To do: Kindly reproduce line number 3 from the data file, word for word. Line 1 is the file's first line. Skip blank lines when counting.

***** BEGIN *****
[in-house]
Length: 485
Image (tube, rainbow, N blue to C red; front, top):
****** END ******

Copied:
Image (tube, rainbow, N blue to C red; front, top):